June 2006

News Review

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Indian Army to use Google Earth for tracking militants

The Indian Army has decided to subscribe to Google Earth and make extensive use of the satellite imagery for operations against insurgents in the hilly terrain and in the semi-urban areas in the Northeast states of India. The Google Earth would enable the army to use its high-resolution satellite photographs and maps allowing it to operate smoothly and effectively.

The Telegraph quoted a top army official as saying that the army would acquire a paid account in Google Earth to gain access to ‘extra information’ over what is available free on the website. Currently, there are two paid versions — Google Earth Plus and Google Earth Pro — available for subscription. However, at the same time the army official also quipped that Google pictures might not be able to pinpoint the exact location of the militant hideouts since a majority of them a located deep inside the forests of the Northeast states such as Nagaland, Manipur, Mizoram and Assam. But the relief would be that the satellite pictures would be able to pick out the green cover and the terrain clearly, enabling the army to plan much better. This would be akin to flying physically over the area, instead of depending on two dimensional contour or relief maps. The move is expected to help both the armies from India and Myanmar. Presently, the Myanmar army is acting against Indian rebels operating from its soil.

It may be remembered that the newly launched Google Earth had raised a controversy in 2005 when it laid bare vital installations like army bases and government buildings like Rashtrapati Bhawan thus exposing their vulnerability and making them easy targets for terrorists groups in India.

Nationwide bus tracking via satellite in Ireland

A EUR4.2mn (US$5.36mn) investment in satellite navigation technology is being made by Bus Éireann across its entire fleet in Ireland for enabling customers to access arrivals information in real time on a range of platforms including the web, text message and directly at bus stations. Ireland is now claiming itself to have become the first country where a global positioning system (GPS) on a nationwide basis has been rolled out by a bus operator. Such systems are normally available in individual cities.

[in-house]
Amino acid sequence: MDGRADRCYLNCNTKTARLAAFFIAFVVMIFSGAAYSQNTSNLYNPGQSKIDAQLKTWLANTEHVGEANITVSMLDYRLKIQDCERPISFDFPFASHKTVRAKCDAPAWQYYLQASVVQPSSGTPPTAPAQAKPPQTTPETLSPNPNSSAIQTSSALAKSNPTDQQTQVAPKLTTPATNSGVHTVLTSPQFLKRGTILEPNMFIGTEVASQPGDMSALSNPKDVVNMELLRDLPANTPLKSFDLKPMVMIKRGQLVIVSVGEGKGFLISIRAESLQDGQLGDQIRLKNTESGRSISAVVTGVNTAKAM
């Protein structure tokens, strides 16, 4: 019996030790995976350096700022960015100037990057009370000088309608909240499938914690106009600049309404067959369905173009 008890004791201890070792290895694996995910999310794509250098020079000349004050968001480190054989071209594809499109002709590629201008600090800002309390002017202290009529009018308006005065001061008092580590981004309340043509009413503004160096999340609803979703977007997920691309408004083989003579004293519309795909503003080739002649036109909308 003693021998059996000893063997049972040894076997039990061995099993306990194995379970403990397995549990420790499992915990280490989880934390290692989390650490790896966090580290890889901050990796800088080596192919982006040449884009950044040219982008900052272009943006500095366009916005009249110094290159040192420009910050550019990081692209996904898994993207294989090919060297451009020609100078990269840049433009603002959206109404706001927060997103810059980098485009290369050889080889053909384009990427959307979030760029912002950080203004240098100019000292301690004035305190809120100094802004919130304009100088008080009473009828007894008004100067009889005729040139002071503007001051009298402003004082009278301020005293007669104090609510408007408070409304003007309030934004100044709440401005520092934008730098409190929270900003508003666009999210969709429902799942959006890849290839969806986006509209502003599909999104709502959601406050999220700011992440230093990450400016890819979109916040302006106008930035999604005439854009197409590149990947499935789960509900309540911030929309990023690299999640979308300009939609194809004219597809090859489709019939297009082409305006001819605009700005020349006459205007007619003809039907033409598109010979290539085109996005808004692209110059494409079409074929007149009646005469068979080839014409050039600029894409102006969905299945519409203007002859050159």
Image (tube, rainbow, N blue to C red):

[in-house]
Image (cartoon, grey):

Siemens Ireland has been awarded the contract to install onboard equipment besides providing the necessary technical infrastructure for the Bus Éireann depots. Every bus in the fleet will be fitted with a specially designed computer capable of establishing its exact location using satellite technology. This computer will also hold the bus timetable as well as the exact location of all Bus Éireann stops. The system would communicate with the bus ticket machine to establish the route and direction in which it is travelling and would use this, the timetable and its current position to calculate the exact time it would take to travel to the next stop. This data will then be transferred via a mobile link to a central computer which in turn will distribute it to the website, to mobile phones and electronic display signs at bus stations. Forty eight million passengers avail of Bus Éireann’s services annually.

Now, GIS mapping to detect power theft

Geographic Information Systems (GIS) mapping, smart meters and separate feeders for farmers across the country is likely to be introduced by the Indian government to check pilferage and to aggregate technical and commercial losses of power. According to a Planning Commission official, the 11th Plan approach paper has appreciated the Gujarat model and suggested its replication for the entire country by introducing GIS mapping to specifically find out the flow of electricity.

The official said, “AT&C losses are to the tune of at least Rs 30,000 crore per year. Actual losses could be even higher. In some cities of Gujarat, through GIS mapping they have been able to track which customer is connected to which pole. This can be replicated in other places and we will know exactly where the power is flowing.”

Multipurpose database mapping project for Ghana’s Jasikan

A multipurpose database mapping and monitoring project would be implemented by Ghana’s Jasikan district to facilitate planning and providing information about its infrastructure, resources and economic viability. Brainchild of the Centre for Remote Censoring and Geographic Information Services (CRCGIS), University of Ghana, Legon, the project would harmonise and establish mapping and monitoring system for development activities in Ghana.

Dr Emmanuel Amamoo-Otchere, the Executive Director of CRCGIS, said, “The one-stop database would include information on first and second cycle schools, health facilities and water and sanitation. It will also include feeder roads, community based development projects, population and improved data on 2000 population census and all its ramification and social facilities.”

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